If the damaging statement is in writing, the writing will probably come into evidence, too.

Absolute accuracy is essential! Honest mistakes can be very damaging. If a statement that you have made is erroneous, it will be used to impeach your credibility.

Principle Number 2: Anything you say can and will be taken out of context, distorted beyond recognition and then used against you – this is an unfortunate reality of life and especially litigation. A misquote is still going to be an admission which is allowed into evidence as an exception to the hearsay rule. You will have the burden of showing that you were misquoted.

So, what to do? Make only a short, positive, absolutely accurate statement, preferably prepared in advance. This is preferable to silence (“no comment”). Your silence will probably be commented on by the reporter (“he/she refused to comment” or “he/ she could not be reached for comment”). If your back is against the wall and you do not feel that you can safely make any comment, tell the reporter that you cannot comment “at this time.” Ask the reporter when his/ her deadline is. You may have time to prepare an appropriate comment.

Principle Number 3: Reporters love quotes – If you make a statement, it is highly likely that a portion of it will be quoted. Use this to your advantage by giving the reporter a short, positive statement. Tell the reporter that you can give a short comment so that he/ she is prepared to take it down. Ask the reporter if he/ she is going to quote you and, if so, ask her to read the quote back to you.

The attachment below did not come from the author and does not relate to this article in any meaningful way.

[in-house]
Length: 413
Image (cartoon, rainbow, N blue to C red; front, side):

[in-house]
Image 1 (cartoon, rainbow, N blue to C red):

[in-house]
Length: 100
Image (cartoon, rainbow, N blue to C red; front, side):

lf time permits, follow up with a fax or an email with the correct spelling of your name, your title, and the name of your company. To be absolutely sure that the reporter gets your statement down correctly, you can include the text of the statement in your fax or e-mail. If you do, however, the reporter is much more likely to refer to your comment as a “prepared statement.” Of course, keep copies of your fax or e-mail.

Principle Number 4: The reporter gets to choose which of your statements to use – use the KISS principal (Keep It Short and Simple). Keep your statement short; this limits the material that the reporter can select from. Do not ramble on! Do not say anything that you do not want to see in print or quoted on the evening news. Keep it short!

If the matter is one that could end up in court, you can end the conversation by stating that you do not want to comment further about a matter that may be the subject of a court proceeding.

Principle Number 5: Stay away from “off the record” comments. First unless the reporter expressly agrees beforehand, she likely will not honor your request to be “off the record.” More importantly, the reporter can probably be compelled by a court to reveal your “off the record” comments.